Traditionally,some minimal dollar amounts had to be in controversy in some types ofcases before the trial courts would hear them,but such amounts have been waived ifthe case falls into one ofseveral general cate-gories.For example,an alleged viola-tion ofa civil rights law,such as the Voting Rights Act of1965,must be
heard by the federal rather than the state judiciary.Other types of cases in this category are patent and copyright claims,passport and naturalization proceedings,admiralty and maritime disputes,and violations ofthe U.S.postal laws.
Another broad category of cases over which the U.S.trial courts exer-cise general original jurisdiction in-cludes what are known as diversity of citizenship disputes.These are dis-putes between parties from different states or between an American citizen and a foreign country or citizen.
Federal district courts also have jurisdiction over petitions from con-victed prisoners who contend that their incarceration (or perhaps their denial ofparole) is in violation of their federally protected rights.In the vast majority ofthese cases prisoners ask for a writ ofhabeas corpus (Latin for you should have the body),an order issued by a judge to determine whether a person has been lawfully imprisoned or detained.The judge would demand that the prison authorities either justify the detention or release the petitioner.Prisoners convicted in a state court must argue that a federally protected right was violated for example,the right to be represented by counsel at trial. Otherwise,the federal courts would have no jurisdiction.Federal prisoners have a somewhat wider range for theirappeals since all their rights and options are within the scope of the U.S.Constitution.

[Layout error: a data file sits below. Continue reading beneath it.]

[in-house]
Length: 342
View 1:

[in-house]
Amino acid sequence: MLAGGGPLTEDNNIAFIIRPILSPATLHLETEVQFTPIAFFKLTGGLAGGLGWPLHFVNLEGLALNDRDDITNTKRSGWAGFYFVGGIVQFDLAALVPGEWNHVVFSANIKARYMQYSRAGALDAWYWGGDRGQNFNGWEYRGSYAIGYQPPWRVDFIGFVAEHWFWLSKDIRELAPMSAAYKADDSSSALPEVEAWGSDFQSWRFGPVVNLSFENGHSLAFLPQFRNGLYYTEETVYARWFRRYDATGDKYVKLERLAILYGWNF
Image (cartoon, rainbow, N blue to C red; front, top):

Finally,the district courts have the authority to hear any other cases that Congress may validly prescribe by law.